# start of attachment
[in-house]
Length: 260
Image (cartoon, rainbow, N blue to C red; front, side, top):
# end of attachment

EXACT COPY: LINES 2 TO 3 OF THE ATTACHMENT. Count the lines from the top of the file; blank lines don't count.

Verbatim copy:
Length: 260
Image (cartoon, rainbow, N blue to C red; front, side, top):